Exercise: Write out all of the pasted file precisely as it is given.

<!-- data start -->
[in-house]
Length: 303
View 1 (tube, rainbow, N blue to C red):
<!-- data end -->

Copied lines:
[in-house]
Length: 303
View 1 (tube, rainbow, N blue to C red):